Centre proposes relaxation of coastal regulation zone norms

States to get leeway in developing tourism, industrial infrastructure

Updated - April 19, 2018 12:09 pm IST

Published - April 18, 2018 10:51 pm IST - NEW DELHI

The Centre has allowed India’s coasts to be made more accessible to tourism and industrial infrastructure and given individual States considerable leeway to decide how they should plan such development, according to a draft version of the proposed modification to India’s coastal regulation zone plan made public on the Environment Ministry website on Wednesday.

The coastal regulation zone, or CRZ, 2011, refers to regions in the proximity of India’s 7000-km-long shoreline where buildings, tourism facilities, industrial projects, residential facilities etc are highly regulated. In most cases it begins from the high tide line (HTL) to about 500 metres towards the landward side. The zone is subdivided into regions, with varying leeway for infrastructure development, depending on population and ecological sensitivity.

The CRZ-1, for instance, includes the most ecologically sensitive areas and according to current laws is off-limits for tourism activities and infrastructure development except for defence, strategic and rare public utilities projects.

According to the new CRZ, 2018 notification “..nature trails and eco-tourism activities..” may be permitted in CRZ-1 regions provided they conform to state-approved coastal zone management plans.

The current law, called the CRZ, 2011 also defines as ‘coastal zone,’ the region from the HTL to 100 m of the creek along ‘tidal-influenced bodies’ such as bays, estuaries, rivers, backwaters, lagoons and ponds etc. that are connected to the sea. The proposed laws relax this to 50 metres.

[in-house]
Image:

Earlier, rural habitations or relatively undisturbed areas close to the shore, called CRZ-II, possessed a 200 metre ‘no development zone’. This has now been reduced to 50 metres, provided the area has a population density exceeding 2161 per square kilometre as per the 2011 Census.

Environmentalists say that the new regulations have been framed without a transparent public consultation process.

A committee headed by Shailesh Nayak, former secretary, Ministry of Earth Sciences, had framed a report to reconsider the limits of the existing coastal zone regulations.

The report however wasn’t made public by the Environment Ministry. “It was only after several Right to Information requests that the policy was made available and that too, after pressure from the Central Information Commissioner,” said Kanchi Kohli, researcher at the Centre for Policy Research.

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